Single-Phasing:

Single-phasing on a wye-delta three phase power distribution system can be disastrous to a three-phase motor, unless it has excellent overload protection. There are two types of single-phasing; primary and secondary. Primary single-phasing (see figure 1) occurs when one line on the high voltage or primary side of the transformer is opened. This can be caused by a tree limb falling across the lines or a car accidentally hitting a power pole. Single-phasing of thz primary causes the motor amperage on two of the three lines to increase by 115%, while the third line increases by 230%.

Secondary single-phasing (see figure 2) occurs when one line on the motor side or secondary side of the transformer is opened. This can be caused by storm damage, loose connections or insulation problems in the wiring that blow fuses. Single- phasing of the secondary causes the motor amperage on the remaining two lines to increase by 173%, while the third line drops to zero.

Voltage Effects:

High voltage and low voltage affect the operating amperage of the motor. Franklin designs the motor windings to tolerate a voltage range of plus or minus 10% from nameplate voltage. In this voltage range, the amperage changes very little due to voltage fluctuations. However, once the voltage is outside of this 10% range, the motor cannot do its job without excessive heating of the windings. High voltage causes the motor windings to saturate, while low voltage starves the motor of power. Note: Both high voltage and low voltage cause high amps in the motor. High amps are defined by an amperage reading that exceeds the nameplate service factor maximum amp rating (S.F. max. amps). If you envision amperage of the motor to a car’s tachometer, amperage higher than service factor maximum is like a tachometer reading into “redline”. Nobody knows how soon the car will quit, but everyone knows the engine is suffering damage.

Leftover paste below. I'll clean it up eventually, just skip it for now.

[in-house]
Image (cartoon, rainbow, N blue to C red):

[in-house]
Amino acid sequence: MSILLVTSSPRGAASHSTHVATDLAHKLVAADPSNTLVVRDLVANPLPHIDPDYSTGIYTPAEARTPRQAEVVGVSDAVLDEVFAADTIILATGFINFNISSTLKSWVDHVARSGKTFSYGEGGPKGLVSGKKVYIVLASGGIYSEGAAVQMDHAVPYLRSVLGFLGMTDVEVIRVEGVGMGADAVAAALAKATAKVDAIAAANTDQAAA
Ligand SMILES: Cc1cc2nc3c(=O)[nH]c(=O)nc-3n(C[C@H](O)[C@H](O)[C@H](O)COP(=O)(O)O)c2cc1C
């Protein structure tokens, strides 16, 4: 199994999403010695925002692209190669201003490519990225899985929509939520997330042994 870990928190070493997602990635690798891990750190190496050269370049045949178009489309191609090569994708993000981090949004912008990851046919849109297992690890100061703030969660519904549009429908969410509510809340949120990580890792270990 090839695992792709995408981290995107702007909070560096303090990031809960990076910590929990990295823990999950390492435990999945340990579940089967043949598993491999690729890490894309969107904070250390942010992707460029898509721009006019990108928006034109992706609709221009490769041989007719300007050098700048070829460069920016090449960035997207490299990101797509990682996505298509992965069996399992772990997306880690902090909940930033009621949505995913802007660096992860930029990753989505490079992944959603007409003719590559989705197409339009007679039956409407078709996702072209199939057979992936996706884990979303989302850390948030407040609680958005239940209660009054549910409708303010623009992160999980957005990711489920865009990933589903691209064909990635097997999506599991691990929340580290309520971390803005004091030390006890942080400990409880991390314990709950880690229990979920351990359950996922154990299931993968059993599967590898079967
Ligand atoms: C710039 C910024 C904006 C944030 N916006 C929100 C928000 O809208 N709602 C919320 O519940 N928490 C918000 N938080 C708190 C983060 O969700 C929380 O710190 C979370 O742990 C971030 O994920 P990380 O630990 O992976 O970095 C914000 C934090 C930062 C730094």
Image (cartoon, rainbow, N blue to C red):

Unbalance:

Current unbalance on three-phase motors is caused by unequal voltage being presented to each winding. A 1% voltage unbalance will result in approximately 6-10% current unbalance. This unbalance causes extreme heat in the motor windings. When the motor is lightly loaded (amperage at rated or full load amps), a 10% current unbalance is not harmful to the motor. When a motor is loaded to or above service factor maximum amperage, a current unbalance greater than 5% will cause excessive heating. Excessive heat build-up in the motor windings greatly affects the life of the motor. For every 10°C the internal winding temperature is increased, the life of the motor is cut in half. For instance, if the motor is normally designed to have an internal temperature of 30°C with a life expectancy of 10 years, raising the winding temperature to 40°C cuts the life to 5 years. An increase in winding temperature to 50°C shortens the life to 2-1/2 years. Current unbalance and the resulting winding temperature must be avoided for normal motor life expectancy.